This fall Canada’s RADARSAT Constellation Mission, a trio of synthetic aperture radar satellites, will launch 15 years after its conception. In that time there have been government imposed delays and a budget that has grown to over $1 billion. Eric Choi wrote the following article for Space Quarterly Magazine which was published in the March 2013 Canadian edition. It is still relevant today.
The Defence and Security Applications of the RADARSAT Constellation Mission
On January 9, 2013, the Federal Government announced it will proceed with the implementation phase of the RADARSAT Constellation Mission (RCM). Initially conceived almost a decade ago, the long-awaited announcement meant that the Canadian Space Agency (CSA) and its partners in government and industry can finally complete one of the most important Canadian space projects of this decade.
Scheduled for launch later this decade, the RADARSAT Constellation Mission will serve the operational needs of Canadian Government departments in the areas of maritime surveillance, disaster management and ecosystem monitoring. It will consist of three satellites spaced equally apart in a single orbital plane at a mean altitude of 600 km. By distributing capabilities across several smaller satellites, the system will be more robust and flexible with improved coverage and target revisit capabilities. Combined with the inherent ability of SAR to produce images day or night through clouds or haze, the utility of RCM to support both civilian and military applications is obvious, particularly with respect to oceans and the North.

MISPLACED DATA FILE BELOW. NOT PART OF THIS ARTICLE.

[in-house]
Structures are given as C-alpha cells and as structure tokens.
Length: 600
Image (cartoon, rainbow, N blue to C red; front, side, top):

“The North is changing extremely quickly,” says Lee Carson, president of Norstrat Consulting. “This represents a huge economic opportunity for Canada, but also an equally great challenge in terms of security and sovereignty. We can’t meet these challenges without continuously monitoring the region, and the only way for the Department of National Defence to cost-effectively monitor such a vast and remote area, which is dark for up to six months at a time, is from space using a radar-based system like RCM.”
Polar Epsilon is the Department of National Defence project for the utilization of RADARSAT-2 to support DND and Canadian Forces operational stakeholders. The follow-on project to utilize RCM is called, appropriately enough, Polar Epsilon 2. Many defence and security applications such as Northern and maritime surveillance require data in near real-time, on the order of fifteen minutes or less. As with RADARSAT-2, the RCM data will be downlinked through the Polar Epsilon ground stations at Masstown, Nova Scotia and Aldergrove, British Columbia. Data is processed at Aldergrove and automatically ingested into the Recognized Maritime Picture (RMP), an integrated plot of activities in Canadian waters that is used not only by the Canadian Forces, but also the Canadian Coast Guard and the Department of Fisheries and Oceans.